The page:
December 2013 Posts

Image Overhaul

The big slideshow used priorWhen I set this site up, I decided to collapse all images used into a slideshow. Each post has a couple relevant images attached, which show up in a teaser slideshow on the mainpage and as a large image within the article. 

But the slideshow had two problems. First, when writing a step-by-step piece (like this), images couldn't be placed in a relevant section of the text. For a while, I resorted to referring to images by number, but I wanted pictures next to the relevant text. 

Superfish Theming

.sf-menu li:hover > ul,
.sf-menu li.sfHover > ul {
  left: 0;
  top: 1.77em;
That little snippet of code's been giving me grief for a month. Well, this one, really:
/*Adjust top to line up submenu with shorter main menu*/
.sf-menu li:hover ul,
.sf-menu li.sfHover ul {
  top: 2em;
When I set this site up, I wanted dropdowns. Y'know, menus that expand when you hover them. They were initially provided by Nice Menus. For some reason, some time later (and no, I don't know why), Nice Menus stopped being nice. The dropdown's wouldn't drop. 


Now that you know what the IGVC is about, I'll go into some detail about our high-level approach. The challenge provides some obvious requirements:

  • A reference frame relative to earth to navigate to waypoints; GPS provides position and compass provides heading
  • Line detection to stay within lanes; a color camera suffices
  • Obstacle detection; a 2D rangefinder is the is logical choice
  • Precise measurement of velocity; provided by encoders, accelerometers, and gyros

I'll go through each requirement in a bit of depth, describe typical solutions, and design constraints. 

An absolute reference tells the robot exactly where in the world it is. GPS and compass provide that data. Unfortunately, GPS is only accurate to about 6', so it isn't useful for local navigation. A 2' difference in position is the difference in hitting an obstacle and avoiding it. The GPS is useful for providing long-range direction: the goal is 60' southwest.

Most teams improve their GPS accuracy with exotic antennas and exact correction services (the speed of light varies through the atmosphere, distorting timestamps and GPS location. A corrective signal provides the difference in true and measured time-of-flight, improving accuracy.) Although these units offer remarkable resolution (within 6"), they are prohibitively expensive ($20,000).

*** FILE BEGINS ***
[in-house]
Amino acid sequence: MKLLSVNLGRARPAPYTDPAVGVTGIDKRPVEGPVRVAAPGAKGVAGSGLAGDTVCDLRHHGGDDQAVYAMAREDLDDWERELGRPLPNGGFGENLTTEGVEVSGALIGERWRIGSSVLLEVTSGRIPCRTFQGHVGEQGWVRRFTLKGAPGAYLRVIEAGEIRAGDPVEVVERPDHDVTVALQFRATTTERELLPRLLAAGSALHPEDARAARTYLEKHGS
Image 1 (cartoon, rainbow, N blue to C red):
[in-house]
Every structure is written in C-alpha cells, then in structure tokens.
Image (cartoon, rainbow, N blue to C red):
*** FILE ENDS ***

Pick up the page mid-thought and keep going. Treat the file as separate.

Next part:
Lafayette's team, named Team Terminus, will use an inexpensive GPS receiver, accurate to roughly 6'. It costs less than $100. (Cost, by the way, will be a persistent theme. Most IGVC robots run $20,000 to $80,000; Lafayette budgeted Terminus $6000.)

Pannier, Redux

A few months ago, I made a set of panniers for my bike out of some cheap canvas at Hobby Lobby. They were my first major sewing project, so I put a few things together in the wrong order. I left the clips off until the end, the straps were spaced wider than I'd have liked, and a few other things weren't quite right. 

Even so, they came out very well. My old panniers barely fit a 10# flour bag, and failed under the load. These are large enough to hold twice that, and would barely notice the weight. They can roll up and clip out of the way, and they look slick (They're unadorned black; my absolute favorite color scheme.) 

I decided to make another pair for my girlfriend, and took my additional experience into consideration. The second pair was easier to make and came out incredibly.


Yesterday, I went for a walk. Getting outside is always relaxing, and the town was beautiful in the dark, decked out for Christmas.

I also saw a broken electric radiator curbside. At least I hoped it was broken. On the way back home, I found the house again, hefted the thing onto my shoulder, and carried it a mile home. (I set it down too hard when I arrived and broke two of the casters. Now it was definitely broken.)

Hopeful, I plugged it into the wall, turned it on, and... nothing! Hooray! I had an excuse to take it apart. (The heater, by the way, is supposed to retail for $80. It's also got bad reviews, but hey. Free.)


The player, pretheming. The pause and unmute buttons are hidden; others are entries in a plain list.
Unformatted, white, ugly list. Sorry,
  • .
  • For a final project in German, my girlfriend decided to compile translations and other work into a website. She thought about using other formats, like a paper, but decided that web would make a compelling presentation. It'll also be useful long-term to track projects and act as a supplementary resume. Lafayette offers a similar service, LaFolio, but it's heavily Lafayette branded, is provided by servers outside of her control, and will become dated shortly after graduation. (18 months away!?)

    So, she decided to make a website. First step was checking for a domain. A quick search didn't turn up anything great, so she decided to piggyback on for now. If, in the future, she does want her own domain, aliasing the current site to a new url will be simple enough. For now, she's

    With hosting out of the way, I set up Drupal for her. The default themes didn't quite jive, so we made a Zen subtheme. As they say, imitation is the sincerest form of flattery: her site is almost identical to this theme. Different colors, but same two-column layout with the same left-column heading.